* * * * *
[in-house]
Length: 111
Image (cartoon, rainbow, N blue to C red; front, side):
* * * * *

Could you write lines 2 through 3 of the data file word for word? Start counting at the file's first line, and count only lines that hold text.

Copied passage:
Length: 111
Image (cartoon, rainbow, N blue to C red; front, side):